Holland must sell oral-health providers on dental care plan before coverage begins

OTTAWA — Health Minister Mark Holland is on tour to sell Canadian dentists and hygienists on the new federal dental care plan as concerns mount about what the government plans to pay providers for their services.

The government started enrolling seniors to the dental−coverage plan late last year as part of a new program to deliver dental benefits directly to people who don’t currently have insurance.

The first people enrolled in the program are expected to be able to start getting their teeth cleaned and treated in May, but only if they have access to an oral−health provider who has signed up to provide the care.

Dental and hygienist associations support the program but balked at the fee guides the federal government released last month, which pay out less than is recommended by provincial and territorial guides.

There are roughly 16,000 dental offices in Canada, the Canadian Dental Association said. The program also needs oral surgeons, denturists and independent hygienists offices to register.

"We need them to participate in order for this to be successful," said Holland in an interview Friday.

Holland was in Richmond Hill, Ont. meeting with various providers as the first stop in a Canada−wide tour seeking to bring dentists and other care providers onside.

He said the negotiation about fees is ongoing.

"I’m committed to really working closely with them and explaining this is iterative, where it’s not going to be perfect out of the gate," Holland said.

The program is the result of the political pact the Liberals signed with the NDP two years ago, and will eventually be available to any uninsured person with an annual family income under $90,000 per year.

The government is slowly rolling out eligibility, starting with seniors, before moving on to children under the age of 18 and people who receive the disability tax credit.

So far 1.5 million seniors have signed up to the program, but Holland says the government has not set a target for how many dentists and hygienists and other oral health providers are needed to actually perform the care.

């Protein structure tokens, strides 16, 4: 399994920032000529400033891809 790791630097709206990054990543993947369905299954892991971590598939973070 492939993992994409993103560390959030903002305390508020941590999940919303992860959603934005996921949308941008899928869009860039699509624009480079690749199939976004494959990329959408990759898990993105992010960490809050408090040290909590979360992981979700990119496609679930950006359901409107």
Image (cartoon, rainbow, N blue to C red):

"Even if every single provider signed up, there are still people who are just too distant to a dentist to be able to get care," Holland said, speaking specifically about people who live in remote, rural communities.

"So this isn’t going to be everybody getting coverage immediately right out of the gate."

Dentists and hygienists’ associations raised concerns about the burden on patients if the government doesn’t reimburse providers for the actual cost of delivering the service.

"Canadians will not be 100 per cent covered for their treatments and in many cases, will be required to pay out−of−pocket for a portion of their treatment," said Heather Carr, president of The Canadian Dental Association, in a statement published on the association’s website.

Many other dentists may choose to opt out entirely, which will lead to fewer providers and less choice for patients, she said.

Holland defended the proposed reimbursements under the program as a balance between what is fair to providers and what is fair to taxpayers.

Most of the services listed are within 90 per cent of the suggested provincial fee guides, which are prepared by professional provider associations each year, Holland said.

There are some services that the federal government only plans to pay between 70 and 80 per cent of the suggested fees but he said they’re not the most essential services.

"They’re sort of in the nice to do category, not the essential medicine category," Holland said.

This report by The Canadian Press was first published March 25, 2024.

Laura Osman, The Canadian Press